And now I'm back. I've been back since around 2000 but even then it wasn't like now. In 2000 i was just getting my feet wet again. Now I'm all in. If there's a game on I'm watching it. I catch a few innings of a game if they're playing a day game (Cubs or Sox, so shoot me) before I shlep in to work.

And I find that the people who also used to have baseball in their lives, and no longer do, are as bitter about it as I was - but something else too. They miss it. What's more they know they're missing it. I'm not talking about people who were never in to it, I'm talking about guys like myself who did nothing but baseball between the ages of 6 and 11 and then dropped it. They know they're missing something even if they can't put their finger on it.

And the funny thing is that baseball forgives. You show up at a game and it's like you never left. The players go about their business of setting themselves in the box, tugging their shirts, wiggling their pitching arm and all the while you're sitting there... "If he can't bend that curveball he's going to get popped." "One more in that spot and this guy's going to crush it." "I don't get why the outfield is shaded to the left so much on this guy. That's a tip-off they're going to keep the ball outside." "Well he's not a dead pull hitter." "The count's 2 and 1, do you send him?"

3 comments:

B.E. Earl said...

Great post.

I never really left the game for an extended period of time. My first real memory comes from the 1971 All-Star Game. I became a Yankee fan shortly after that even though the Mets were the only real game in town at the time. Can you believe that? Becoming a Yankee fan BECAUSE they were the underdogs and the worst team in town? The work stoppage in 94/95 hurt, but my team was back in a big way the following year. So I didn't really lose much steam even then.

Right now I'm reading R.A. Dickey's memoir, and he's pretty much my favorite player in the game right now. Amazing story and seemingly a helluva guy. Watching Knucksie take the ball every 5th day and dominate like he is doing right now is some of the most fun baseball has to offer right now.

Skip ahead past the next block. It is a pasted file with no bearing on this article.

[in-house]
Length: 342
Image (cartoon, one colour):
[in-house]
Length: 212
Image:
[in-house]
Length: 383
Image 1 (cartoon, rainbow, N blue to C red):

Or watching Aroldis Chapman pitch. Or Bryce Harper hit. Or Mike Trout run the bases. Or Giancarlo Stanton hitting bombs.

PS - There is a kid named Billy Hamilton running ragged over the minor leagues right now. On pace for 160 SB in 150 games. One. Six. Zero. Amazing. And he has that name which some baseball fans might recall. Hall of Famer, Billy Hamilton led the majors in career SB until Lou Brock came along. I love the coincidence. If someone is going to steal 100 bases in a season again, it should be a guy named Billy Hamilton. Not too many guys named Arlie "The Freshest Man in Baseball" Latham these days, so Billy Hamilton will have to do.

sybil law said...

Thanks to the fantasy baseball, I've gotten more into baseball this year than ever before, even though I clearly SUCK at the fantasy stuff.
One of my favorite memories is of being a kid in the car, after a long day training (horseback riding), and falling asleep to the sound of the Reds games on the radio. Windows down and Joe Nuxhall's voice. Aaaahhh...

Brian said...

Great post.

Some of my earliest memories are of being crammed into my grandparents' den--a room that was maybe 14 x 14 feet at the outside, just big enough for two rocking chairs, a small sofa, and an old gigantic TV with a small screen... but most importantly, the only room in the house with air conditioning in central Georgia in the summer--with some combination of my grandparents, my parents, my aunt and uncle, sister, and four cousins (there's no way it could have been all of us at once, right?) watching Braves games on TBS, back when it was still a UHF channel you had to have an aerial on the roof to get that far outside of Atlanta.

And you know what? I don't think baseball's ever been better than that for me.